Media streaming devices have been getting cheaper and cheaper, but the first model from high-end hi-fi manufacturer Cambridge Audio costs £400. Can the Sonata NP30 be worth all that money?
The device doesn’t have speakers – to get sound from it you must pair it with an amplifier or powered speakers.
It has standard phono and digital sound outputs, and if paired with Cambridge Audio kit you can use one device to control the other. It’s designed to fit in with other devices in the company’s Sonata range but it will of course work with any hi-fi kit.
It needs to be connected to a network, either through the rear wired network port or using the wireless aerial.
It comes with a power cable but not audio or network cables – you’re encouraged to buy your own ‘high quality’ ones.
We found the wireless setup annoying – you need to use the front-panel dial or the supplied remote control to enter the wireless network security key, but we couldn’t find a way to delete characters – if we got a number wrong we had to switch it off and back on and try again.
What appeared to be a Back key on the remote control only took us on to the next page each time.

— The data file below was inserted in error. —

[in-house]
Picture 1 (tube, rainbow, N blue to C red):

What are the Compatible Devicesfor this music player
It can play music stored on a networked computer or other device, or stored on a USB memory key that’s plugged into the front or rear USB sockets.
It can also stream internet radio, play BBC iPlayer radio programmes and podcasts, and link to internet music services, though not big names such as Spotify.
As you’d expect from a high-end hi-fi product, and one this expensive, sound quality was very good.
Of course it depends on the quality of the file being played, but with a good source and connected to a good amplifier and speakers the NP30 really sang.
It was easy to use, too, with a large, clear four-line screen that can be read from a few feet away, and it was responsive to move through menus and navigate music collections, unlike many cheaper, underpowered streamers.
However, we detected little improvement in sound quality over what we could get from a £150 media streamer, even with high-quality music files, and so we find it hard to recommend the Sonata NP30 to anyone but the most ardent audiophiles.